Characters, you get a lot of them… 14 ish characters. But as apposed to a class based system, all the party members are pretty well set in what they can do. And their appearance outlines that, the characters with the highest HP and defense are wearing armor. There is a character that just wears a dress and uses a scythe, and she has the highest attack power in the game, but the lowest HP in the game because there is nothing holding back her swing, but there is also nothing preventing her from getting totally wrecked from anyone else.
Q: What are some of the problems you’ve encountered while making your game? Have you been able to overcome them all? Walk us through a typical scenario where you encounter a problem and have to find a solution.
Okay, there are a lot of problems when you make a game. More than half of the work is going to be fixing the problems. It’s easy to say, this is how I want it to work, then I go to do it and find that pretty much every error that I could run into, I have… And I’ve managed to fix them all ‘so far’! I’ve spent a lot of time fixing errors. Coding is a nightmare!
There were a few different times where I had to do a lot of reading to fix outside coding, since I got a lot of code from forums online. It usually takes me hours to just fix something because I would have to find it first. There were a couple 14 hour days where it was just me messing around with stuff figuring out how it worked, and how to make it do what I need it to do. Most of what you do in development and errors is you try to find them as best you can and fix them. Another thing is to have beta testing, because there are things you will take for granted as a developer, that other people wont. You just have to put it out there at some point and go ‘I need people to look at this, I understand it’s not at it’s best but just look at it and tell me what issues you have’.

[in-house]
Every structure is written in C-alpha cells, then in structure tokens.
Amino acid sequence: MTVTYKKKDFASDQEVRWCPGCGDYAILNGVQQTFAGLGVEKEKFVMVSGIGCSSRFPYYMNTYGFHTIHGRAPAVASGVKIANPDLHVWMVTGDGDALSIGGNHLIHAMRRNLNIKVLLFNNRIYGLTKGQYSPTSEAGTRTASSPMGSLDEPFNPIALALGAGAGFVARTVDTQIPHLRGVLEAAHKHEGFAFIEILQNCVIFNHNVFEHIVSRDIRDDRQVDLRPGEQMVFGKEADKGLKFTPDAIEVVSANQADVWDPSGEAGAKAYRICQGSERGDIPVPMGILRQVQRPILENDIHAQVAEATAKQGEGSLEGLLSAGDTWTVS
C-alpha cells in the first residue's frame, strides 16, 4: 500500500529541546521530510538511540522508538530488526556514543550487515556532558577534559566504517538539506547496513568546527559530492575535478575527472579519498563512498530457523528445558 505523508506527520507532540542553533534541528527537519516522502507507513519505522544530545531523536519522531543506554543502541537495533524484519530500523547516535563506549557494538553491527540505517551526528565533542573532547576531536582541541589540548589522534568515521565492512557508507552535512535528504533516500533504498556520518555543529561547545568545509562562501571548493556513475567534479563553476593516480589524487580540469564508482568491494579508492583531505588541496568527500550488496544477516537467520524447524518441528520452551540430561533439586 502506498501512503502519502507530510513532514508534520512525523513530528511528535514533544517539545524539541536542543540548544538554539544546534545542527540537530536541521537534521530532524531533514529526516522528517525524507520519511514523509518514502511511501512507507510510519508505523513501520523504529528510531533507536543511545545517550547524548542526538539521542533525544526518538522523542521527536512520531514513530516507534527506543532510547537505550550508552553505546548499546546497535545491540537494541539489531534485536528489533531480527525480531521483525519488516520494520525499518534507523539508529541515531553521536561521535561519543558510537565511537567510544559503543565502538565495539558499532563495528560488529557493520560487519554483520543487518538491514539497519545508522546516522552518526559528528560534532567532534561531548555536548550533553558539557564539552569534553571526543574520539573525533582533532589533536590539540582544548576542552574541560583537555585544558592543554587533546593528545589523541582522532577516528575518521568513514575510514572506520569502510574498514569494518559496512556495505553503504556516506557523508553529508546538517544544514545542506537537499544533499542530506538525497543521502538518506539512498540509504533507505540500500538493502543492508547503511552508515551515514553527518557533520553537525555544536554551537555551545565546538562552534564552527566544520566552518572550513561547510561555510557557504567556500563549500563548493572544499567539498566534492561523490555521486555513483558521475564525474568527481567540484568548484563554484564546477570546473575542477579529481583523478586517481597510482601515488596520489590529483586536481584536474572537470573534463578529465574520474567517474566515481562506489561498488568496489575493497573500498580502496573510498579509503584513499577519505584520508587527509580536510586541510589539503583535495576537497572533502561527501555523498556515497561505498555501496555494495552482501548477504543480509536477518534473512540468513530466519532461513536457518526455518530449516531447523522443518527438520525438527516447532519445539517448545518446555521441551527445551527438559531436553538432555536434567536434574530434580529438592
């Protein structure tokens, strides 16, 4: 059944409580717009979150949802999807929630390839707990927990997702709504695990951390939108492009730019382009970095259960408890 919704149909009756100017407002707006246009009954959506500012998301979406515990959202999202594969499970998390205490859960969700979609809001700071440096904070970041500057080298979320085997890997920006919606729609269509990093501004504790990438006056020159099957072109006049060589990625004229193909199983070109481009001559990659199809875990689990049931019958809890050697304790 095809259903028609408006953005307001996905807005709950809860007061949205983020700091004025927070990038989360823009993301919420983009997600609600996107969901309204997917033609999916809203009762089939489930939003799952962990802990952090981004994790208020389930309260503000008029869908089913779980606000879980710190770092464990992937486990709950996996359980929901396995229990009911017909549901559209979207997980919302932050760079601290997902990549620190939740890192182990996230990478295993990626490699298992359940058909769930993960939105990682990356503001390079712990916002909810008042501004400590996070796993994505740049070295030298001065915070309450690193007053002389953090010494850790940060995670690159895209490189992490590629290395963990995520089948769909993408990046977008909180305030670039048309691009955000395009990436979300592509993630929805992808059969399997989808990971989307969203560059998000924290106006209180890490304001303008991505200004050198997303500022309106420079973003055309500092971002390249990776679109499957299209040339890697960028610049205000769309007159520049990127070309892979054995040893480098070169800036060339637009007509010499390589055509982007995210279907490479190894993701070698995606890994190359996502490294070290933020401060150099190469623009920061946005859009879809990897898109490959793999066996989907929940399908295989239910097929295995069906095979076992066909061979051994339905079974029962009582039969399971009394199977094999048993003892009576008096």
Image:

Q: I understand that because of your desire to follow your dream of being an inde developer, you have chosen to be homeless? Please explain your life choices for us a little bit.
I had a little bit of money saved, not much, I’ve basically been living off charity. It’s very difficult to do without having any network of support, and at the beginning it was really rough. It’s still rough,but at least I have people that I talk to about it, and people that help me out. It’s been tough, but I’ve survived this far so I kind of have to finish this. But I would not recommend what I decided, if I would have known, I probably would have went back to working fast food or something. This is a lot of work, if you can do it as a hobby, I would keep doing it at a hobby, because it’s exhausting. There are so many things that can go wrong, and it’s not a comfortable living situation to be in. Especially in the winter; summer… not so comfortable, but I would rather try to sleep outside in 80 degrees than 30. And dealing with homeless people, while you are also out there, is not the most comfortable thing because a lot of them do drugs, or have mental issues. Some of them don’t, but a lot of them do. Especially when you have to sleep in the same kind of area as them, there have been a few nights where I’ve been woken up and it has not been comfortable. Or I am walking along the street at midnight, and there will be a guy who is obviously on something that will follow me, and I have to figure out where a good spot would be to break the conversation off or if I should just keep walking and see if it blows over. I would like to think that it’s been my own savvy that has got me by, but I would probably pin about 90% of it on luck. I don’t recommend it, but I have to deal with it… I’ve made me decision to finish this.